Knesset passes law to promote hi-tech investment, keep companies in country

In theory, the bill aims to respond to continuing global trends that have negatively impacted Israel’s financing and business environment.

 Women in tech - illustrative (photo credit: Wikimedia Commons)
Women in tech - illustrative
(photo credit: Wikimedia Commons)

The Knesset passed into law on Tuesday evening a bill to promote investment in Israel’s hi-tech and innovation industry. The law seeks to address a major problem that exists in the country’s hi-tech sector: that companies grow and leave, and that major corporations are often turned off by opening offices here.

Hi-tech has been the driving factor of growth in Israel’s economy over the last few decades, now consisting of 15% of GDP and 50% in total exports. Amid the first legislation of the judicial reform passed on Monday, a new study was published that showed increasing fears of companies shifting their bases abroad. While troubling, the case of companies relocating is nothing new; the United States is already home to 88 Israeli-founded unicorns (companies valued at more than $1 billion).
This is in addition to global tech slowdowns and layoffs that have also plagued the country. For this reason, lawmakers and government hi-tech offices have made it a top priority to remove some of the burdens stifling growth, and to work to encourage internal corporate maturity in the country – particularly in companies whose intellectual property and main business activity is happening in Israel.
As such, the bill just passed seeks to solve these issues.
The bill itself, which had initially been proposed by the previous government, in some ways shows a level of bipartisanship in today’s fractured political environment, is divided into three sections, discussing individual and corporate investors and companies. The first part postpones the payment of tax on capital gains, assuming the funds are invested in start-up companies. It will also provide a tax credit to those who make investments in start-ups.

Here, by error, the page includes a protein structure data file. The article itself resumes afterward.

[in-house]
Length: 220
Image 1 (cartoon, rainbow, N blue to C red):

The second aspect allows for investments to be considered as expenses for large international corporations who buy controlling shares of hi-tech companies in the country, while also allowing for the cost to spread over five years, thereby reducing their tax burden. This makes Israeli start-ups more attractive for would-be buyers.

Financing key to business success

The final component of the new law discusses financing, which gives a tax exemption on interest accumulated from foreign financial entities, and a discount for Israel-based financing.

In theory, the bill aims to respond to continuing global trends that have negatively impacted Israel’s financing and business environment. As outlined, the law intends to assist in Israel’s continued place as a global innovation leader and a hub for industry.
Ofir Akunis, who heads the Innovation, Science, and Technology Ministry, applauded the laws passing, saying that “the approval of the law is huge news for Israeli hi-tech.” He added that “the purpose of the law is to remove barriers and encourage the establishment and growth of Israeli hi-tech companies... I believe this law can herald the beginning of a turning point in the hi-tech industry.”